At my church, in this season, we've got a saying, “Function over Fung Shui”. We don't really care how good it looks as long as it works. But there are other seasons, or other churches, where the visual importance of how the speakers look plays a bigger role. So just know what's important to you before you suggest a giant line array hanging in the middle of your cathedral. That might not go over so well with some people.

Prediction Software - Another Tool in Your Sound Toolbelt

Another thing you can do before you buy speakers and hang them in your room and then decide that you don't like them is to use prediction software. This can model your room, the speaker, and how its output is going to perform across different frequencies, taking into account the different angles and how they're going to resonate with the room.

Video transcription: "So here is a demonstration of Display 3 from Martin Audio. And you can see here we've got a theater. I've already calculated the SPL with just these speakers. I've got these two muted you can see down here. And so I'm going to calculate the SPL and you can see there's a little bit of drop off over here. So I created a couple little front fill speakers and I've got them turned down 9 dB, let's unmute them then we can hit calculate SPL, and you can see that there's a little more coverage over here, but you can tell there's some comb filtering over here because it's lighter as well.

So there's some issues there, we could play around with the timing and milliseconds to get those delayed if we wanted to try to fix them. But that's just a quick example of what you can do with that. You can load in different sketch-up devices or scenes so that you can model your own sanctuary and figure out how to use that."

Some of them you can check out are QSC, JBL, Martin, and Meyer. And I'm not that well versed in it or I'd show you all about it. And while these can be super helpful, they're not going to be perfect representations because they don't take into effect every single parameter about your wall density, acoustic treatment, lots of different things. So take it with a grain of salt when you design the perfect speaker system and then it doesn't perform exactly how you thought it was when you get it hung.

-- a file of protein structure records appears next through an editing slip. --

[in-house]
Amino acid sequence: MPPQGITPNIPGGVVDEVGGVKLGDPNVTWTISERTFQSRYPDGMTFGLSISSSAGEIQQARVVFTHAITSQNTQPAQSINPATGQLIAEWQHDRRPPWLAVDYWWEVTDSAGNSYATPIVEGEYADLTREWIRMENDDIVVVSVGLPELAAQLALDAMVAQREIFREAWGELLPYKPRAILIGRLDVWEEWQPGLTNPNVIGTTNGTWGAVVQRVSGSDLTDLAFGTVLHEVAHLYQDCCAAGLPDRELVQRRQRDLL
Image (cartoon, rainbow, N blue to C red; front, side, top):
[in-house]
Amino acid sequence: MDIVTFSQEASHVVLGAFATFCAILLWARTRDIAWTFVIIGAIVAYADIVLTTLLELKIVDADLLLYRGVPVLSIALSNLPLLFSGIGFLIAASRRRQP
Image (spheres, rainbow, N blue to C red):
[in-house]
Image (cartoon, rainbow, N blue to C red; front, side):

High Quality Speakers - Are They Worth the Investment?

Now, if you're shopping for new speakers, you might have gotten sticker shock. They can be really expensive. But what separates a high quality, high price speaker from a low quality speaker? The answer to that question has a lot of nuance to it.

You can get higher quality components that are going to last longer and maintain their level of quality over a longer period of time. I mean, we are talking about electronic and mechanical components that do wear and tear. So the better that they're built, the longer they're going to last. And I'm a big fan of buy once cry once. It really does hurt on the front end when you buy a better speaker. But if you only have to buy it once, that ends up being cheaper over the long run.

Besides durability and maintaining those high standards, you also get more consistency. Some speakers are more precise in their directionality or they're only going to put the energy in one area at a time. So if you've got a highly reverberant room and putting up acoustic treatment isn't possible, the speakers can keep that energy focused on the listening area and not on the walls, bouncing around and creating more problems.